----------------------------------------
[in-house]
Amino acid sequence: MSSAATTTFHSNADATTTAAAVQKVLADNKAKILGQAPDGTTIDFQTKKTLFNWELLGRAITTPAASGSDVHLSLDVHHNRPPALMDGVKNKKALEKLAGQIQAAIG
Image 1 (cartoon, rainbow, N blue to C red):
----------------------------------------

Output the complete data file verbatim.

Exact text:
[in-house]
Amino acid sequence: MSSAATTTFHSNADATTTAAAVQKVLADNKAKILGQAPDGTTIDFQTKKTLFNWELLGRAITTPAASGSDVHLSLDVHHNRPPALMDGVKNKKALEKLAGQIQAAIG
Image 1 (cartoon, rainbow, N blue to C red):